3. Love that you are using the Junior Lipstick for your homage and waiting with baited breath for the next instalment to find out what happens next!

    Liked by 1 person

  4. Could you be talked into creating a full version of this in e-pub format or something similar? I’d love to have it on my Kindle.

    Liked by 1 person

  5. Top hole, old girl! “Where Doth the Moth” had me spluttering over the morning cuppa. Also the reference to the consumptive Byron avec wasting sickness. Keep it coming!

    Liked by 1 person

  6. I may have seen the pale parabola of joy while watching a game on Major League Baseball channel yesterday. Home team was the Cardinals. Wonder if Mr. McTodd had ever been there.
    Mustard Pott

    Liked by 1 person

  7. A part from the undoubted value of both the plot and the text, what strikes me more is the joy of writing that sprinkles fro every single word. well done and keep it coming.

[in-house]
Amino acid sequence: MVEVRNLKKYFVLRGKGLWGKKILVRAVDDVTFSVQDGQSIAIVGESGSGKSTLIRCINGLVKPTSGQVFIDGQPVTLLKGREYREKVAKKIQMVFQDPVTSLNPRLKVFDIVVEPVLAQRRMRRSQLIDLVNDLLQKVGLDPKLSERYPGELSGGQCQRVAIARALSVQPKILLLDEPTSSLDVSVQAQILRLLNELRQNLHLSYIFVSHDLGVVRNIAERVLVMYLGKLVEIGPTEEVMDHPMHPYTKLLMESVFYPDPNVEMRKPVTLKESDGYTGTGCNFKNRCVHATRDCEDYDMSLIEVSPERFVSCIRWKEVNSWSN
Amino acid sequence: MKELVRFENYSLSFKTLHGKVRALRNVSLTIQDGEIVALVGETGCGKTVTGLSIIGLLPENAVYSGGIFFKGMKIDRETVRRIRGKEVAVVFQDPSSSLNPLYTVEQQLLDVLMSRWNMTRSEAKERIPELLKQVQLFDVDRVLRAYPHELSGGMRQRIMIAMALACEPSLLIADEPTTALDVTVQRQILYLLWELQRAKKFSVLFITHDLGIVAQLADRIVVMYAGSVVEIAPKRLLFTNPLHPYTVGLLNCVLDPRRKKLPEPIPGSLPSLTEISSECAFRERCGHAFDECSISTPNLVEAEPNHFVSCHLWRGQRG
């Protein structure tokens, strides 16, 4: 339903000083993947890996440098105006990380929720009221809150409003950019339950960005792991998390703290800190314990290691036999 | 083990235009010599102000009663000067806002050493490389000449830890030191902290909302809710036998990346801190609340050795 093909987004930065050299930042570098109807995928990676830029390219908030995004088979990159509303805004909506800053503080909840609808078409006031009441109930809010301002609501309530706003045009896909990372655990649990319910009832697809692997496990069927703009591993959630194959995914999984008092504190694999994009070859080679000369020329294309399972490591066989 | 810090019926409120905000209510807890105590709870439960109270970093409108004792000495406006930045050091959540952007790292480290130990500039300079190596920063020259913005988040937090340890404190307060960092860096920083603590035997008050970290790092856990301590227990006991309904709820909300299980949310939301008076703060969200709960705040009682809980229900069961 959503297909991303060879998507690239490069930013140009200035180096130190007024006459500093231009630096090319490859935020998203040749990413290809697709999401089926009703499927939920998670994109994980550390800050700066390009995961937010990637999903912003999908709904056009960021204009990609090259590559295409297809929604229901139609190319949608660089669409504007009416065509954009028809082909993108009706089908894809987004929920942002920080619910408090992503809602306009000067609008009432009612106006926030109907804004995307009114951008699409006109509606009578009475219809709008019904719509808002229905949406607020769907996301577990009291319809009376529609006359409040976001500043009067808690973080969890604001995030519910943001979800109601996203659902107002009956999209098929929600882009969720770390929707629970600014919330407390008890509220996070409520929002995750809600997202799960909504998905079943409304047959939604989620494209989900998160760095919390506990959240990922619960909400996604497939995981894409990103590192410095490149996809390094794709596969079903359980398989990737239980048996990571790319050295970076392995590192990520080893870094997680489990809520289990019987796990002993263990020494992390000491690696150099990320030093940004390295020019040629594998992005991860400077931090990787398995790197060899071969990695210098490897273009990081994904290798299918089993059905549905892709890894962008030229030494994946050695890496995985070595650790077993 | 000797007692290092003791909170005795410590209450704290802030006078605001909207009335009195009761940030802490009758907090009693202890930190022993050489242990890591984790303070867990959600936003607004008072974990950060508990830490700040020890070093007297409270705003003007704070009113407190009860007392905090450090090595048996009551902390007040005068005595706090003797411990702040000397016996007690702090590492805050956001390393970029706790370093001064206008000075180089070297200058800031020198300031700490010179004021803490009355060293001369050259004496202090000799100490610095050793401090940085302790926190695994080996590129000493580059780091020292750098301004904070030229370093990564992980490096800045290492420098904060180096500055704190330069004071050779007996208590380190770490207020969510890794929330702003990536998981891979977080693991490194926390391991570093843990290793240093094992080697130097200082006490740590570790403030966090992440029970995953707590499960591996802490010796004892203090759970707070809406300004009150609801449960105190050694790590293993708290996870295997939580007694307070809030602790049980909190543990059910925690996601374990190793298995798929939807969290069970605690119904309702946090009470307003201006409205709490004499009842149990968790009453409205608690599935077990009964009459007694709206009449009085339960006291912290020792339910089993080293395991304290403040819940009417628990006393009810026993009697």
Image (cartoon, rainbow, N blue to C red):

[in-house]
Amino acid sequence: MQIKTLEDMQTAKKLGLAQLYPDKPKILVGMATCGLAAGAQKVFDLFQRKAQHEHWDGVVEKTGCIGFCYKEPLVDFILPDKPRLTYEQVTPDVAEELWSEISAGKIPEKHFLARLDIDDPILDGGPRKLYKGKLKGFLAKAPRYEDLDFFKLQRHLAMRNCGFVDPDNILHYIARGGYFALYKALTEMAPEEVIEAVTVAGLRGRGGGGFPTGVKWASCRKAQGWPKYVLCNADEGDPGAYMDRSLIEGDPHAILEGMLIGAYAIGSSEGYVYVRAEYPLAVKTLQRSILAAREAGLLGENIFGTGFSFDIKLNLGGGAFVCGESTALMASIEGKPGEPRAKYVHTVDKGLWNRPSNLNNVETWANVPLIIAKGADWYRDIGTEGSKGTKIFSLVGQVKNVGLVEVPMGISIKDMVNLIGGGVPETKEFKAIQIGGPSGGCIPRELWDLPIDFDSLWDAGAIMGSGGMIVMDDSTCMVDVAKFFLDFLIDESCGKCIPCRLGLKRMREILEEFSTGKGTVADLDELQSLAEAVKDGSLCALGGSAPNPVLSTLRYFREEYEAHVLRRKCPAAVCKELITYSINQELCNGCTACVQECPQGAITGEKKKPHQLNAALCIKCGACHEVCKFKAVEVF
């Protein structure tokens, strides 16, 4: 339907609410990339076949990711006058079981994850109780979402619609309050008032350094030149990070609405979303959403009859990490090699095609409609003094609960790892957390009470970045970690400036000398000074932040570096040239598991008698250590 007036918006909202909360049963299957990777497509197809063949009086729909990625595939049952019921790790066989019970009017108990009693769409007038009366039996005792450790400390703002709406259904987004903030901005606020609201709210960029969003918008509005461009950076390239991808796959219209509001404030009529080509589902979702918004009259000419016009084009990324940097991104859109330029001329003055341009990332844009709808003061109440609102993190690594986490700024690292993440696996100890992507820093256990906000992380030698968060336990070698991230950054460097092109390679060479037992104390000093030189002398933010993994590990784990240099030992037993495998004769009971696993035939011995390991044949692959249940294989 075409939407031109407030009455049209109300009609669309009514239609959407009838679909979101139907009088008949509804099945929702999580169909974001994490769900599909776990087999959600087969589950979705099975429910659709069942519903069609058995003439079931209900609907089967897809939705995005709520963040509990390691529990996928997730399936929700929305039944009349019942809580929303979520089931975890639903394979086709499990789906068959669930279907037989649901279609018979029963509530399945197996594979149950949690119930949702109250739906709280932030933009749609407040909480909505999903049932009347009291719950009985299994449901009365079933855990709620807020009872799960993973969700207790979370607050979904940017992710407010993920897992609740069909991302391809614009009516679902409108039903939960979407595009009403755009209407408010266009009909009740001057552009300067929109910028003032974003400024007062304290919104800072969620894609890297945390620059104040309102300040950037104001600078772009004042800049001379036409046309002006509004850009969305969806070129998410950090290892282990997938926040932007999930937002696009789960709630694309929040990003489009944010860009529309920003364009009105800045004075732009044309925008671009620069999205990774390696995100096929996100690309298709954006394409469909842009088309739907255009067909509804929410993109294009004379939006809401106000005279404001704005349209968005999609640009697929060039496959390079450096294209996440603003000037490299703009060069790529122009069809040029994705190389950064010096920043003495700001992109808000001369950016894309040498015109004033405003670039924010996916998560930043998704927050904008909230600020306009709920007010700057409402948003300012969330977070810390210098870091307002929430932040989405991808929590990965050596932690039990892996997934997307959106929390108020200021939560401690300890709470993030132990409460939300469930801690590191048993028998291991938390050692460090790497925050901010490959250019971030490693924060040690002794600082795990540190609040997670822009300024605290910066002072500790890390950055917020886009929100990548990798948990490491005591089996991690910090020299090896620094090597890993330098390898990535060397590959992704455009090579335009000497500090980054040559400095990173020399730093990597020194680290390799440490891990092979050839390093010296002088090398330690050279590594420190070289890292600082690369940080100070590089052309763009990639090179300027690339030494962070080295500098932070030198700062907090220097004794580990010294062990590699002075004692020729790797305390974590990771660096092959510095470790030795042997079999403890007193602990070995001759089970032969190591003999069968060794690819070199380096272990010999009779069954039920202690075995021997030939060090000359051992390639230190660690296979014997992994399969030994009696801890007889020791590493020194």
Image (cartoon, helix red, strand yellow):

Liked by 1 person

  8. Roxanna Robinson, author of Dawson’s Fall, in an interview-
    “A novel usually comes to me from some kind of problem- it comes to occupy more and more of my thoughts, and then I realize I’m going to have to write my way out of it. Then the characters emerge and the book begins.”
    And so Stacey’s problems lead to a book. Keep us posted on her solution, please.
    BTW- Roxanna’s great aunt Hettie was Harriet Beecher Stowe, of whom Lincoln said, “the little woman who wrote the book that made this Great War”.

    Mustard Pott

    Liked by 1 person

    1. What ho, Mustard Pott.
      Yes… your quote is very apt. I am slightly concerned that my short story is going to take longer to unravel than I had planned.
      Great fun, fortunately.


  9. Jolly good! Several passages effortlessly hurdled the “so good I have to collar my husband from whatever he’s doing and read them out to him” bar.

    I have made my own attempts at a Wodehousian book (combined with what I hope is Christieish mystery), but I must say your efforts put me in the shade. This is, as PGW said of Sam the Sudden, darned good stuff.
    Definitely publishworthy, and I look forward to reading more of it.

    Liked by 1 person